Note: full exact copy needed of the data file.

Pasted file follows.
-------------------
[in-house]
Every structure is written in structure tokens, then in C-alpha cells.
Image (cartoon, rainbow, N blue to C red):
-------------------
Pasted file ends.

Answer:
[in-house]
Every structure is written in structure tokens, then in C-alpha cells.
Image (cartoon, rainbow, N blue to C red):